Okay, bear with me.
Today we’re going to complete our stroll through Superdescuentos Morales, Vieques’ largest grocery store.
One of Morales’ most noteworthy features is its deliciously chilly “cold room.” This is a U-shaped annex to the main store, entered through one set of automatic sliding glass doors near the cash registers and exited through another, where fruit, vegetables, dairy products, meat and the random bottle of Veuve Cliquot Champagne are kept.
The temperature is probably around fifty degrees in there. On a hot afternoon, after we’ve wrestled our way through the crowded, sweaty aisles of the main store, it’s sheer heaven to complete our shopping experience in the cold room.
Sometimes, I confess, we even linger.
Not that there’s much to linger over.
Michael and I have always loved our green vegetables. Broccoli, asparagus, Brussels sprouts, you name it, we’ll grill it, steam it or stir fry it with the best of them.
But green vegetables are decidedly NOT a staple of the Vieques diet. Occasionally we’ll find a bunch of fatigued-looking broccoli wasting away in the produce section, and once or twice we’ve come across a head of cabbage that looks like it was rolled down a muddy hill to the market.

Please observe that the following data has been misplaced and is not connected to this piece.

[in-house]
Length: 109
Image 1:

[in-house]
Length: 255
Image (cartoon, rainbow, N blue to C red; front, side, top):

But usually we end up buying frozen vegetables…
…just to get our greens (this was before we discovered the “vegetable man” near the hospital or, even more recently, the farmers’ market near the GE plant, but more about them later).
Also, counter-intuitively, we seldom find lemon or limes at Morales. You’d think citrus fruit would be a dime a dozen in Vieques, but not so much. Instead, we’ve learned that the limones (small, tart limes) growing on the tree in our side yard are perfectly acceptable in a vodka tonic.
Then there are the lines. If we arrive on Saturday we know we’re in for a very long haul. It seems that most people on the island, not unlike working folks everywhere, do their grocery shopping on Saturday afternoon. We’ve grown used to standing in line for as long as half an hour behind shopping carts piled high with household staples, frozen pizzas and huge bags of rice.
Offsetting the wait is the generally festive mood of the crowd. Invariably there’s an incident—someone will drop and break something, a credit card will be refused, a mother and child will squabble over a candy bar—causing everyone to stop what they’re doing and watch with rapt interest. Then, just as quickly, the spaghetti sauce is mopped up, the bill is settled with cash, the child gets his chocolate, and the whole incident is forgotten, making way for the next spectacle.
The locals love to observe the passing parade. And if you pay close attention, it can be oddly rewarding to watch them watching each other.